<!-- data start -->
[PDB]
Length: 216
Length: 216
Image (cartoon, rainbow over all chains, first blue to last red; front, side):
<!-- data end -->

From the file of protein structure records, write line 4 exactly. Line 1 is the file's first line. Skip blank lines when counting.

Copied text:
Image (cartoon, rainbow over all chains, first blue to last red; front, side):